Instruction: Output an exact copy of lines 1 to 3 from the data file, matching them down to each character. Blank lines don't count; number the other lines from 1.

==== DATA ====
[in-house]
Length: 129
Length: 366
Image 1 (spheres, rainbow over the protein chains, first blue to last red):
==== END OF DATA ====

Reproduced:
[in-house]
Length: 129
Length: 366